‘The other small book was one of geomancy. This was the art which Murrell used to find lost property and coerce thieves into restitution. A great deal was claimed for this system of divination – so much, in fact, as to make one wonder that the wise man had any necessity for astrology. It would “resolve any question or doubt whatsoever”; it would “tell truth from falsehood and the place of anything.” The system was a complicated and obscure one. …’
Morrison also cast a doubtful eye over ‘…this same immense heap of odd scraps of paper … Murrell must have cast a scheme of nativity for almost everyone in South Essex in his time.” More down-to-earth and of practical use would be “little bits of private information, … Any particulars of the life or circumstances of anybody whatsoever which came to his ears were carefully noted down, and then, should it ever chance that this person or any of his connections came for cunning advice, Mr. Murrell could startle his client with his knowledge, and secure another undoubting disciple.’
When it came to the letters in that wondrous chest, Morrison exclaimed: ‘Never was raked together such a heap of superstition, credulity, anxiety, and touching faith.…’
Overall, he argued:- ‘But to describe or even to catalogue half the queer notes and scraps in this old chest would fill a small book. The odd recipes, the memoranda of the character, ages, and circumstances of all kinds of people, the letters inclosing “some more hair and fingernails,” the entreaties of the true lovers upon whose feelings Cunning Murrell played as upon a dulcimer, the requests of farmers to destroy the bedevilment which was upon their cows and crops – all would defy enumeration within reasonable limits.’
On his visit to Hadleigh, Arthur Morrison and the artist illustrator had to reclaim Murrell’s chest from Buck Murrell’s former lodgings and pay outstanding storage costs before opening it at the Castle Inn’s parlour. What happened to it afterwards is not recorded.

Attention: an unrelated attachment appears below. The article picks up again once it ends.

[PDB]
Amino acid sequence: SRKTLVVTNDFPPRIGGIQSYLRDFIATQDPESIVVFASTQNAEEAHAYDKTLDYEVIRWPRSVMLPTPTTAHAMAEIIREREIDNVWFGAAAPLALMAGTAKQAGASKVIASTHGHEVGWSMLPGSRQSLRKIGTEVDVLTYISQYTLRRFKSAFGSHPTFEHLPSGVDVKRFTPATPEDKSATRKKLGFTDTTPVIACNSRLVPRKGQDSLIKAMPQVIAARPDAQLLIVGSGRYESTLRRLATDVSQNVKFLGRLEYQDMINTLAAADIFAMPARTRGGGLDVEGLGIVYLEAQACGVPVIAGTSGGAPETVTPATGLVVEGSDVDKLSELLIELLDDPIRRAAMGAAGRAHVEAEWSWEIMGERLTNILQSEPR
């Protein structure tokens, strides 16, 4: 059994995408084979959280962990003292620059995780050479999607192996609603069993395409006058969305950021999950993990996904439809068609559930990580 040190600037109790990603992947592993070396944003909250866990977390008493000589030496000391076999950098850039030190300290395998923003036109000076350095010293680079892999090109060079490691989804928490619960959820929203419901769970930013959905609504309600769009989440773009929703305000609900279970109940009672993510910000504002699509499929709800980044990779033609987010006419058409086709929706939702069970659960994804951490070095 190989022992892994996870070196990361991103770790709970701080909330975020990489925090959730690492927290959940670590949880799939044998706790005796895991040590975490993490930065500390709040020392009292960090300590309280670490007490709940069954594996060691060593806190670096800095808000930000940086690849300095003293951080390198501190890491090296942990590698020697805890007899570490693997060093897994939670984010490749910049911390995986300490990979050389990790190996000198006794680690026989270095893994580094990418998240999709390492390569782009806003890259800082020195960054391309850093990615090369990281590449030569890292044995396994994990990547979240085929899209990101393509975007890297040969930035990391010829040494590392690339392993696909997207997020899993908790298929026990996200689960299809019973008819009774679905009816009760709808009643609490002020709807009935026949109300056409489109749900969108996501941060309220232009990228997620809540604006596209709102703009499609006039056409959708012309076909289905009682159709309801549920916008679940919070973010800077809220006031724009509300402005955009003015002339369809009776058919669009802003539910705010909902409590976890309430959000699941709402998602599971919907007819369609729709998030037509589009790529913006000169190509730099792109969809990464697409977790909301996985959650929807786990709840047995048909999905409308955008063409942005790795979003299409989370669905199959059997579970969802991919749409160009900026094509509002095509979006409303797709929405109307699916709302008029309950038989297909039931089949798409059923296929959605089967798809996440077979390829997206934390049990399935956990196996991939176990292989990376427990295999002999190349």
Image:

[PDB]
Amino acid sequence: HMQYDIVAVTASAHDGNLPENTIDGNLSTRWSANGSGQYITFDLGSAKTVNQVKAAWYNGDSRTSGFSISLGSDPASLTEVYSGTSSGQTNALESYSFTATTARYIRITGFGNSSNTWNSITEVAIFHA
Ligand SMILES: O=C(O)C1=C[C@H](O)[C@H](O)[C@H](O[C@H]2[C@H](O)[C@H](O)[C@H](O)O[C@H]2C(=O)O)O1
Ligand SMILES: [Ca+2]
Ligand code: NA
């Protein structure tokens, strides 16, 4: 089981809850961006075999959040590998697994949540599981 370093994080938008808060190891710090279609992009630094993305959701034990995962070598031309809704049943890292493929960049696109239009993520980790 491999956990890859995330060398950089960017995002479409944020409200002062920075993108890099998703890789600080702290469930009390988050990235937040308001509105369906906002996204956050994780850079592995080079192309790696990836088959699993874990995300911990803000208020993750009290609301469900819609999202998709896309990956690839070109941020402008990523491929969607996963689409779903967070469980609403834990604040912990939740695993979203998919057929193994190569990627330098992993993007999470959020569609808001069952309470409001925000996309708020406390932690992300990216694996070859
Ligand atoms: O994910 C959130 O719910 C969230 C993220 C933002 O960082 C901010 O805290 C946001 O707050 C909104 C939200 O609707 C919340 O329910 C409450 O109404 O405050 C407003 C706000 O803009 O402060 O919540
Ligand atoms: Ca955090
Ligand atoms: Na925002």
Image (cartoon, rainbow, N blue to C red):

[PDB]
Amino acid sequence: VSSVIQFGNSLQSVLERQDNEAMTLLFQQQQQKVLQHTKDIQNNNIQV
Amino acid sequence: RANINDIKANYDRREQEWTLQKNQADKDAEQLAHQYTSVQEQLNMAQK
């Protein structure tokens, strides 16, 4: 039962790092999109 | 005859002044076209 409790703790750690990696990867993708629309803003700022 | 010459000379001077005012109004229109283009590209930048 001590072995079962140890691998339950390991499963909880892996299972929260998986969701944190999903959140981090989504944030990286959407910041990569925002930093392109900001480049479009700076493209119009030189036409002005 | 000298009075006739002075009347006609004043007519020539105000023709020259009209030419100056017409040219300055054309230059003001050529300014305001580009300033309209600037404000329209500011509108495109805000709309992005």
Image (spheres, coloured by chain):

So, what happened to that second chest or trunk? Many of Murrell’s possessions had become collectors’ items. The historian Philip Benton, author of ‘The History of Rochford Hundred’ (1867), had ‘two human skulls phrenologically marked, and certain of the wizard’s books’.
That ‘wonderful glass’ with which Murrell could look through brick walls, Buck had sold on for half a sovereign. Obviously, that glass had been greatly undervalued, as that same curio collector had received his come-uppance when he swallowed another half-sovereign, which killed him. Hadleigh’s blacksmith Steve Choppen, Murrell’s creator of his explosion-prone iron witch bottles, had once examined said glass, which he declared to be ‘nothing but a clumsily home-made arrangement of bits of looking glass, such as might once have been bought at a toy shop.’
It’s unlikely that Murrell’s box would have been left at the Castle Inn, or maybe gone back into storage?
Strangely, there is another image that, allowing for a degree of artistic licence, might well be that very chest or box. Eric Maple (1916-1994) was a folklorist, researcher and author on witchcraft and folk magic in the late nineteenth and twentieth-century Essex. James Murrell was one of the subjects of his research. In this photo he is contemplating a holey stone and ‘the old Murrell chest’. This really looks as if it might have been buried?
Meanwhile the Murrell family chest is on view at Southend Museum. Is his personal box still languishing in some forgotten attic or garden shed? Or could it be, miracle of miracles, still waiting to be rediscovered in Southend Museum’s unfathomable stores? Underfunding has been a feature mentioned for years by interested parties as at most museums in the land, and I understand that some of the storage nooks and crannies in Southend have not been visited for ages.

{ WUNDERKAMMER, Southend’s Cabinet of Curiosities is on display at Southend Central Museum until October 2022.  Many Wunderkammer originated in royal treasuries, where the crown jewels and items of regalia were housed with other items of value for safekeeping. Cabinets of Curiosities were the precursors of museums.}

Central Museum, City of Southend, where the Cabinet of Curiosities is on display until October 2022